A Race to Chronicle the Memories of WWII Veterans

It is not every day that you meet a Grade 11 student on a quest to interview as many war veterans as possible while they are still living and able to share memories of serving their country during WWII.

That is exactly what Jaxon Hekkenberg ’23 has set about doing for the past six months as a lead up to Remembrance Day. He has received more than 80 handwritten notes from veterans in the U.S. and Canada, and volunteers at a Senior Home near his home in Barrie as well. That is where he met Ken Atkinson, a 97-year-old Barrie resident who was a Bomber Command Air Gunner for the Royal Air Force (RAF) during WWII.
Mr. Atkinson instilled a sense of urgency in Jaxon when he told him there wouldn’t be many Bomber Command Pilots left by 2030-35. Jaxon has been on a mission to chronicle their history ever since.

He has since reached out to Veteran organizations and Legions across the U.S., Canada, the U.K. and Ireland thereby contacting close to 3000 individual organizations. When they share actual names and addresses with him, Jaxon follows up with personalized notes. In turn, he has received many replies and small parcels from these veterans willing to share their memories of actual combat or combat training.
One Veteran he corresponded with recently, praised him for expressing a genuine interest in learning more about the recent Eastern Iowa Honor Flight to Washington, DC. “You are No. 1” on my list. Thank you for your courtesy!” wrote Mr. DeWillis, who never saw live combat but was trained as a radio-radar operator.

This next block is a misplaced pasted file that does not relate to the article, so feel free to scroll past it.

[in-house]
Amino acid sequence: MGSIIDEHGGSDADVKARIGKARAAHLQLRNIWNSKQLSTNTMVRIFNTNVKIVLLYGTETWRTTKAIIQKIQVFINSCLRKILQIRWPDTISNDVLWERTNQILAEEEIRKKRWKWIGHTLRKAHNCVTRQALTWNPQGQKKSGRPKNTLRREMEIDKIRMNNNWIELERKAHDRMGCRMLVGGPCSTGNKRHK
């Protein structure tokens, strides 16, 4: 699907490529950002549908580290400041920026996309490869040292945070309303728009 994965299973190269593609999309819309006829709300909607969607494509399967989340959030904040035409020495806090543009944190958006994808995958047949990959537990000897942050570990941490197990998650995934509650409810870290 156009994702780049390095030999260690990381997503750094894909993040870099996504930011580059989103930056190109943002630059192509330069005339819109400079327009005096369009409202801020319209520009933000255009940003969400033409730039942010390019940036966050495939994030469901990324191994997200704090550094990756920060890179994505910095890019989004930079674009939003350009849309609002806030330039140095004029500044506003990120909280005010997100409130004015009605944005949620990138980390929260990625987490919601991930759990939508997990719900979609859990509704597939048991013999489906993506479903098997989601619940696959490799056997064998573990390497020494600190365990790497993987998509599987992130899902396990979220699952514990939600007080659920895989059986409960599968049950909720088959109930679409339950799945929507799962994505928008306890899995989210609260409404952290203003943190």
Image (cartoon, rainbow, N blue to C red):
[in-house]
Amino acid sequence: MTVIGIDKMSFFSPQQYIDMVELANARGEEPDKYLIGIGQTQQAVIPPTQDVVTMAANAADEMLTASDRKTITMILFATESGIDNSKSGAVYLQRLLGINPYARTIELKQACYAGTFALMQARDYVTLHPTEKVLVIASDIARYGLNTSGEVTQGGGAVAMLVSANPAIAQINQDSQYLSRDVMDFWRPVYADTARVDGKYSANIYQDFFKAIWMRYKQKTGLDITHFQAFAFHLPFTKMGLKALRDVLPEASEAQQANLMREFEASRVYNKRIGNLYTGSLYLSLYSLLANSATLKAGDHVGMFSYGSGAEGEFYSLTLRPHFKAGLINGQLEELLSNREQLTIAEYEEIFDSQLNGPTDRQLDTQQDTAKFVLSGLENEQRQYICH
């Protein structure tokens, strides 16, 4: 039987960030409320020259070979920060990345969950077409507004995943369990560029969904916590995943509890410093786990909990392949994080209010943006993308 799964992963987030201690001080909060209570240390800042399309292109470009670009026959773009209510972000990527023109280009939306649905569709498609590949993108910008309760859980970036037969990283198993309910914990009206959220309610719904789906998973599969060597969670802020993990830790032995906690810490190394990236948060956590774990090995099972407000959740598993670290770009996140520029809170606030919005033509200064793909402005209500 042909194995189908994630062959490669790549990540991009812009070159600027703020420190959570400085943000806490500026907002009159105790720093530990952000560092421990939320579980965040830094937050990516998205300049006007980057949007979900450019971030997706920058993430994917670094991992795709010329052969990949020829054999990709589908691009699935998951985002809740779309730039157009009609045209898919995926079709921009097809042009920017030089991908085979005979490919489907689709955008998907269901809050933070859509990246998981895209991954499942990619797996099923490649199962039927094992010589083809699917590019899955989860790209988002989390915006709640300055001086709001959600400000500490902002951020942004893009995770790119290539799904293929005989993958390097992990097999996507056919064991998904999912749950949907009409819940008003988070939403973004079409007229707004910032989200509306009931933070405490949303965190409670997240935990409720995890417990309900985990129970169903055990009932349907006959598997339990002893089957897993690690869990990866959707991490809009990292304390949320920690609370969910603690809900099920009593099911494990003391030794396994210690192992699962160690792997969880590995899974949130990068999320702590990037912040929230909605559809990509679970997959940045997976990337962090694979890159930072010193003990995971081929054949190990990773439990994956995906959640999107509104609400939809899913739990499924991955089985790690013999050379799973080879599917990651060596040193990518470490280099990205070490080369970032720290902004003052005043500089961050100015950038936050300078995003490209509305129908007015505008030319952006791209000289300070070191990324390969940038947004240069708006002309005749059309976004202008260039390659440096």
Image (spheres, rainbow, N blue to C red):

A keen listener with an excellent memory, Jaxon remembers hearing stories of WWII from both his maternal and paternal grandparents. His maternal grandfather was born in Germany because he was displaced during the war, and his maternal grandmother was born in Poland. His paternal grandparents were from the Netherlands. Jaxon feels it is important to note, that while neither side of his family was persecuted or saw action, they witnessed many horrible atrocities of the war and its aftermath.
“Not many people realize how affected families were by the war,” Jaxon explains. “My grandparents helped me realize how it wasn’t just in Europe, but here in Canada too. Everyone needed to do something to help.”
Last month, Jaxon approached Mr. Young, Head of the Social Sciences Department, with the idea to create a video of some of his favourite interviews to share at the Remembrance Day Assembly. One of the speakers he interviewed is D-Day veteran, Jim Parks, a former rifleman with the Royal Winnipeg Rifles. Jaxon believed this would be of particular interest to his fellow students since the D-Day invasions changed the course of WWII and are often featured in war films.
He also features a Hong Kong veteran (one of the 1,975 Canadians who sailed to Hong Kong in 1941 to assist the British in defending the colony against the Japanese invasion); a Battle of Monte Cassino Artillery Officer; and a veteran from the 45th Division 157th Infantry Regiment (also known as the Thunderbirds), who was one of the liberators of the Dachau concentration camp and saw over 500 days of combat and endured four invasions.

School Information

13415 Dufferin Street King, Ontario L7B 1K5
(905) 833-1220
Founded in 1972, The Country Day School is a co-educational private school offering programs in JK-12 and located on 100 acres north of Toronto in King.